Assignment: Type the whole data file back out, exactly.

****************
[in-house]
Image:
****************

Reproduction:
[in-house]
Image: